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Fact Sheet
Bureau of Public Affairs
Washington, DC
September 11, 2008

U.S. Commitment to the Millennium Development Goals

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“To spread a vision of hope, the United States is determined to help nations that are struggling with poverty. We are committed to the Millennium Development Goals. This is an ambitious agenda that includes cutting poverty and hunger in half, ensuring that every boy and girl in the world has access to primary education, and halting the spread of AIDS — all by 2015.” — President George W. Bush

We are at the halfway point to meeting those Millennium Declaration Goals (MDGs) established for 2015. The 2007 Millennium Development Goal Report of the United Nations has documented noteworthy progress toward achieving the MDGs. At the global level, life expectancy, literacy, infant survival, and caloric intake continue to increase. Democratic and accountable governance, improved investment climates, and trade liberalization are driving growth. This progress is unprecedented.

U.S. Strategy

To enhance development success and to assist in meeting and sustaining the MDGs, the United States has clear strategy with four key components:

  • Supporting strong country leadership and ownership of the development process;
  • Creating an enabling environment for economic growth and partnerships to fuel development as a bedrock on which all other poverty eradication efforts rest;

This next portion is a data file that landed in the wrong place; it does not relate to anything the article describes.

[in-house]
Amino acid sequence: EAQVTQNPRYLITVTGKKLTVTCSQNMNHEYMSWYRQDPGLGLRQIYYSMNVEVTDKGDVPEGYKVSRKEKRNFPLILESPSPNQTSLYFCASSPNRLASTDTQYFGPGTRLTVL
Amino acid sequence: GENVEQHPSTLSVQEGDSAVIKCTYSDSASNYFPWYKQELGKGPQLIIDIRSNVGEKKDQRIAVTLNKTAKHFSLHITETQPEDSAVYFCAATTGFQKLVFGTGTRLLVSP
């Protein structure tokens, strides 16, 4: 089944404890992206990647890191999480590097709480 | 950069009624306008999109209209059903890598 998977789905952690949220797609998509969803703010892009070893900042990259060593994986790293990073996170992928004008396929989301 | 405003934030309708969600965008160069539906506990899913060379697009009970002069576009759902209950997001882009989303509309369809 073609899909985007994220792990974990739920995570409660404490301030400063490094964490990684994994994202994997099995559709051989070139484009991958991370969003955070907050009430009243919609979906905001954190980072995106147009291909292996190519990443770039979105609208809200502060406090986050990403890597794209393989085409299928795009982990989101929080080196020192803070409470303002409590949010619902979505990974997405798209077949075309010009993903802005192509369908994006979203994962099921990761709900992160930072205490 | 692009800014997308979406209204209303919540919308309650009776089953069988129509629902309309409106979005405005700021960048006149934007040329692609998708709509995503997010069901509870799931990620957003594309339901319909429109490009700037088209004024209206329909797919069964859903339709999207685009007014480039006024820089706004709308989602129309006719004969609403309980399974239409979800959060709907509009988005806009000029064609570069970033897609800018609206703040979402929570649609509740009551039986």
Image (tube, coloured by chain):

• Investing in people, particularly in their basic education and health, to build the capacity of the poor so they can gain access to better-paying jobs and enjoy a higher quality of life; and
  • Addressing the challenge of fragile or post-conflict states through a comprehensive defense, diplomatic, and development approach.

The U.S. Contribution

Economic Growth and Poverty Reduction

Since 2006, USAID has provided over $9.5 billion to help developing countries sustain critical economic reforms, accelerate economic growth, and reduce poverty and food insecurity. On June 30, 2008 the President signed a supplemental appropriations act providing an additional $1.62 billion to address the global food crisis. Also, in his Fiscal Year 2009 budget request, the President recommended Congress appropriate an additional $628 million for economic growth and poverty reduction in Africa.

Millennium Challenge Account

In 2002, President George W. Bush announced the Millennium Challenge Account (MCA). To date, MCC has signed compacts with 16 qualifying countries totaling $5.5 billion to “reduce poverty through growth” by investing in infrastructure, agriculture, health, education, and other areas determined by partner countries. Ten other qualified countries are in the process of developing MCC compacts.

Investing in People

The U.S. is the largest investor in improving health. Since 2003, the U.S. Congress has committed approximately $20 billion to fight HIV/AIDS, tuberculosis, malaria, and other neglected tropical diseases. The U.S. has quadrupled its funding for the fight against these diseases since 2000.

Official Development Assistance

U.S. official development assistance in 2007 was $21.8 billion. At the Gleneagles G8 Summit in 2005, President Bush announced that the United States would again double assistance to Sub-Saharan Africa from $4.3 billion in 2004 to $8.7 billion by 2010. We are on track to meet that goal.

Critical Role of the Private Sector

U.S. private resource flows to developing countries substantially exceed all official development assistance provided by all donors. These resources, totaling $159 billion, are more than 1% of U.S. GDP. In 2007, these flows included:

  • A 58 % increase in capital investments and credits to $99 billion;
  • Remittances from migrant workers worth $48 billion; and
  • Private and foundation grants of $12 billion.

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